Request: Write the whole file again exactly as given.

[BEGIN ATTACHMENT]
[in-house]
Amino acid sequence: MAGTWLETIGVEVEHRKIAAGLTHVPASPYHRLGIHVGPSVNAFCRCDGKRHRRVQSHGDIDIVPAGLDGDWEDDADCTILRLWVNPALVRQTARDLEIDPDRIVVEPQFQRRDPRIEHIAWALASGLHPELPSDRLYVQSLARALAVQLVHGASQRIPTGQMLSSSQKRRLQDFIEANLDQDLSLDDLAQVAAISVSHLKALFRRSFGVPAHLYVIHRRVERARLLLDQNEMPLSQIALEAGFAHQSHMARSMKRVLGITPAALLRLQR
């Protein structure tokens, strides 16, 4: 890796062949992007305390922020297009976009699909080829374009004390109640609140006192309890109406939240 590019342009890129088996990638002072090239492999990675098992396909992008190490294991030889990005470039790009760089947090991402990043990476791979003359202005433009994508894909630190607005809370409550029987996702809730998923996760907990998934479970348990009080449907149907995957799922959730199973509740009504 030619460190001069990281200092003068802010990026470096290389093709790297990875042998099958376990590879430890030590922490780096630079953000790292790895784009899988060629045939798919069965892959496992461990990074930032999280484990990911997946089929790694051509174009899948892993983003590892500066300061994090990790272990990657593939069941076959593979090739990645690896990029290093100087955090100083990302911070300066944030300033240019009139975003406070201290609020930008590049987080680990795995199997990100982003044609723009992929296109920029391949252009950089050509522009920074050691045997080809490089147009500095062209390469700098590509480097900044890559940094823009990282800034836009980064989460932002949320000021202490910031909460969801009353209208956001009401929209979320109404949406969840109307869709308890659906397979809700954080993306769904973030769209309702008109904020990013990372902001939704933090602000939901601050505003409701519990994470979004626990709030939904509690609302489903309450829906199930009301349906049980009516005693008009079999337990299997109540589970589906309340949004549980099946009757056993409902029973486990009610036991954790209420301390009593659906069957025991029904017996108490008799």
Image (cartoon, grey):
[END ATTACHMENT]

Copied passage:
[in-house]
Amino acid sequence: MAGTWLETIGVEVEHRKIAAGLTHVPASPYHRLGIHVGPSVNAFCRCDGKRHRRVQSHGDIDIVPAGLDGDWEDDADCTILRLWVNPALVRQTARDLEIDPDRIVVEPQFQRRDPRIEHIAWALASGLHPELPSDRLYVQSLARALAVQLVHGASQRIPTGQMLSSSQKRRLQDFIEANLDQDLSLDDLAQVAAISVSHLKALFRRSFGVPAHLYVIHRRVERARLLLDQNEMPLSQIALEAGFAHQSHMARSMKRVLGITPAALLRLQR
């Protein structure tokens, strides 16, 4: 890796062949992007305390922020297009976009699909080829374009004390109640609140006192309890109406939240 590019342009890129088996990638002072090239492999990675098992396909992008190490294991030889990005470039790009760089947090991402990043990476791979003359202005433009994508894909630190607005809370409550029987996702809730998923996760907990998934479970348990009080449907149907995957799922959730199973509740009504 030619460190001069990281200092003068802010990026470096290389093709790297990875042998099958376990590879430890030590922490780096630079953000790292790895784009899988060629045939798919069965892959496992461990990074930032999280484990990911997946089929790694051509174009899948892993983003590892500066300061994090990790272990990657593939069941076959593979090739990645690896990029290093100087955090100083990302911070300066944030300033240019009139975003406070201290609020930008590049987080680990795995199997990100982003044609723009992929296109920029391949252009950089050509522009920074050691045997080809490089147009500095062209390469700098590509480097900044890559940094823009990282800034836009980064989460932002949320000021202490910031909460969801009353209208956001009401929209979320109404949406969840109307869709308890659906397979809700954080993306769904973030769209309702008109904020990013990372902001939704933090602000939901601050505003409701519990994470979004626990709030939904509690609302489903309450829906199930009301349906049980009516005693008009079999337990299997109540589970589906309340949004549980099946009757056993409902029973486990009610036991954790209420301390009593659906069957025991029904017996108490008799």
Image (cartoon, grey):